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Mediators Inflamm. 2015;2015:137357. doi: 10.1155/2015/137357. Epub 2015 Apr 30.

Porphyromonas gingivalis Periodontal Infection and Its Putative Links with Alzheimer's Disease.

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Oral & Dental Sciences Research Group, School of Medicine and Dentistry, University of Central Lancashire, Preston PR1 2HE, UK.
Department of Periodontology, College of Dentistry, University of Florida, Gainesville, FL, USA.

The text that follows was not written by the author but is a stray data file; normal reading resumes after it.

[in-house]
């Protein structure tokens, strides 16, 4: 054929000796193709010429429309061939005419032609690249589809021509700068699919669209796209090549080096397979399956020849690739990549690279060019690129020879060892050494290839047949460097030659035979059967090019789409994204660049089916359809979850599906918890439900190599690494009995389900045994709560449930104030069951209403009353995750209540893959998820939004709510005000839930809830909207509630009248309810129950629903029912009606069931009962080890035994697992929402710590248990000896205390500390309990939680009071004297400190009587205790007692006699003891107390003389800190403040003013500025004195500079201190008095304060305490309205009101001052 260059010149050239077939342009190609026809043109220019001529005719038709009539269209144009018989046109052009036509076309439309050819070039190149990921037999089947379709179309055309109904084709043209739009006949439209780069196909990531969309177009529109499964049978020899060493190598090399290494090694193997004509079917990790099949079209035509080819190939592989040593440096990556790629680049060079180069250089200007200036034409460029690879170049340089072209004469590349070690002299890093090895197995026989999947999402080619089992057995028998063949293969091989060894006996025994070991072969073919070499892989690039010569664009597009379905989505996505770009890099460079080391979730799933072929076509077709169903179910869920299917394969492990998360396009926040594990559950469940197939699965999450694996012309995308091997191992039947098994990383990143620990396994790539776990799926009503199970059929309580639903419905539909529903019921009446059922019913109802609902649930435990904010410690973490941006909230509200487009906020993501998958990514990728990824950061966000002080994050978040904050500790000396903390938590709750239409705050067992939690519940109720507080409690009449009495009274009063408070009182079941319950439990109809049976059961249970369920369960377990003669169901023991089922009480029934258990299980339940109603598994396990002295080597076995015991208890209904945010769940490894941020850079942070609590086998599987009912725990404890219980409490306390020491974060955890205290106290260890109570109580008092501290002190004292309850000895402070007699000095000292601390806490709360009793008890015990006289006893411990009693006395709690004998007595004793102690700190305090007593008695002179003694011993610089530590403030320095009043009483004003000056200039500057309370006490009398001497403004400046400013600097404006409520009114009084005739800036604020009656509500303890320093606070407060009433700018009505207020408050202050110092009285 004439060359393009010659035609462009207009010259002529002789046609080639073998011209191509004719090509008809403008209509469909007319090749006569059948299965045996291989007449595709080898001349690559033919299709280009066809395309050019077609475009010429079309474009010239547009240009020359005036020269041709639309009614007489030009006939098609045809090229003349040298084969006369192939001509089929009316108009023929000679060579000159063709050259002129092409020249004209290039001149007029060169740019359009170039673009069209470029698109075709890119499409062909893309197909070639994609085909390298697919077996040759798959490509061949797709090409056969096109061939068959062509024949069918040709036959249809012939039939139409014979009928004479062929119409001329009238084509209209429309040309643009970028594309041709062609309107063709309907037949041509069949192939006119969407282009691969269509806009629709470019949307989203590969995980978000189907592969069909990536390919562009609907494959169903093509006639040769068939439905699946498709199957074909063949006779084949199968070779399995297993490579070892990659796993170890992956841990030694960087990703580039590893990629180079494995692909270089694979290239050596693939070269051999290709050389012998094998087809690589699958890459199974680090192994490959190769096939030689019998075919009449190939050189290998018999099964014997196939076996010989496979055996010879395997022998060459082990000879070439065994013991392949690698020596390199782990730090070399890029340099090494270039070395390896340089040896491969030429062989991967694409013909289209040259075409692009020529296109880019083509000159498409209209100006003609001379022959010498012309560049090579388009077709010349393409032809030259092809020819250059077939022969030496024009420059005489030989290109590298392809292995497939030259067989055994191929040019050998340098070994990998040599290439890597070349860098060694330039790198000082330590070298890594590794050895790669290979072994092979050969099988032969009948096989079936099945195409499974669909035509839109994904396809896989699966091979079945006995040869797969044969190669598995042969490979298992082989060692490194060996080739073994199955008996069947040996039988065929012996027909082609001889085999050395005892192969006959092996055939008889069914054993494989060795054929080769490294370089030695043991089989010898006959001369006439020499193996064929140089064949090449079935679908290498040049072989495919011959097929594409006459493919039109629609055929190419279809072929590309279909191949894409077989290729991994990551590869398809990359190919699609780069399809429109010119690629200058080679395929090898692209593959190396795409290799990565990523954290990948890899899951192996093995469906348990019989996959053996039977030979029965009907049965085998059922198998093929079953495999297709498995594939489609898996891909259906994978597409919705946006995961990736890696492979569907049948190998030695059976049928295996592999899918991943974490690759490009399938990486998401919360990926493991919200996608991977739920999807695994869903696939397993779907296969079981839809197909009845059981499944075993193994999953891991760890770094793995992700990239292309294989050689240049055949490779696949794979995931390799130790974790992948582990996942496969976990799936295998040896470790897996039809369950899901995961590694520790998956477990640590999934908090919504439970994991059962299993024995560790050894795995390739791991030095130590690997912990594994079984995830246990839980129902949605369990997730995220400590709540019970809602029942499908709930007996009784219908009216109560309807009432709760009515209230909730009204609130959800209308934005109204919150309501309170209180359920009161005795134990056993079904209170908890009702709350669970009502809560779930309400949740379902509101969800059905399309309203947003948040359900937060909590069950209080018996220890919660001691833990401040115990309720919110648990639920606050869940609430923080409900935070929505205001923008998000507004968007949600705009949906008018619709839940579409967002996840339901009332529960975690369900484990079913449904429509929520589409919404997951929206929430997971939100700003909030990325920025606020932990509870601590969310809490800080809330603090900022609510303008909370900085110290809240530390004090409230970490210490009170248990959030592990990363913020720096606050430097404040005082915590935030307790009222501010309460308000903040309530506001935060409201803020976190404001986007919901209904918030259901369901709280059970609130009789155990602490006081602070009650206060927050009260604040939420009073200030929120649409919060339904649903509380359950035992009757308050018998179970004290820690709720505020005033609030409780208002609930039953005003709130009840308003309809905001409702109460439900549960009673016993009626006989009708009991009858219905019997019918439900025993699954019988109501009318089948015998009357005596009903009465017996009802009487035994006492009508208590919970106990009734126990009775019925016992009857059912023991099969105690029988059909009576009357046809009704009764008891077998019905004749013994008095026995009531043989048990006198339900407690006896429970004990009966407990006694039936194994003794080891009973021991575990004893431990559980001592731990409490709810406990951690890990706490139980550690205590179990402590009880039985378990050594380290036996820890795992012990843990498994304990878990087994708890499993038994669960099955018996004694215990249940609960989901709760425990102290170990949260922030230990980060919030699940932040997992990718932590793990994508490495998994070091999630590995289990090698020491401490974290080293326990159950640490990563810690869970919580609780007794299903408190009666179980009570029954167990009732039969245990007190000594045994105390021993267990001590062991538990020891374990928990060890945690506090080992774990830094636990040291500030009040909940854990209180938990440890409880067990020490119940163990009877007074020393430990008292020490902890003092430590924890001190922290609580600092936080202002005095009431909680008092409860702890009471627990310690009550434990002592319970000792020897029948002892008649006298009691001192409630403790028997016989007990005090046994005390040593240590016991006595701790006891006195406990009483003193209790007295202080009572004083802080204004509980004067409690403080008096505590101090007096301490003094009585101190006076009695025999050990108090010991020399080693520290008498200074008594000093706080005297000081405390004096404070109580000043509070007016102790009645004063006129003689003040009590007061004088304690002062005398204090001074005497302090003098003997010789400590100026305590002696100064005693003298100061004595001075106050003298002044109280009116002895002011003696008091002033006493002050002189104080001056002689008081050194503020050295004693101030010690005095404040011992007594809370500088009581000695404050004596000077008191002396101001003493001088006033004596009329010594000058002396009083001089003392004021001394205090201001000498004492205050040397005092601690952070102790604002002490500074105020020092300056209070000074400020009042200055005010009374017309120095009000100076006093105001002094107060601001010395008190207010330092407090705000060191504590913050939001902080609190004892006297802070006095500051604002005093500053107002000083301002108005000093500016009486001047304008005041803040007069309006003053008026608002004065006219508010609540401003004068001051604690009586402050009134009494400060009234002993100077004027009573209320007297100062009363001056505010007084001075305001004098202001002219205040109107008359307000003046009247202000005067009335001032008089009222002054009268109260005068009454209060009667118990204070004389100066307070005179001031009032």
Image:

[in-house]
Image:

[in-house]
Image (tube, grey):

Periodontal disease (PD) and Alzheimer's disease (AD) are inflammatory conditions affecting the global adult population. In the pathogenesis of PD, subgingival complex bacterial biofilm induces inflammation that leads to connective tissue degradation and alveolar bone resorption around the teeth. In health, junctional epithelium seals the gingiva to the tooth enamel, thus preventing bacteria from entering the gingivae. Chronic PD involves major pathogens (Porphyromonas gingivalis, Treponema denticola, and Tannerella forsythia) which have an immune armoury that can circumvent host's immune surveillance to create and maintain an inflammatory mediator rich and toxic environment to grow and survive. The neurodegenerative condition, AD, is characterised by poor memory and specific hallmark proteins; periodontal pathogens are increasingly being linked with this dementing condition. It is therefore becoming important to understand associations of periodontitis with relevance to late-onset AD. The aim of this review is to discuss the relevance of finding the keystone periodontal pathogen P. gingivalis in AD brains and its plausible contribution to the aetiological hypothesis of this dementing condition.

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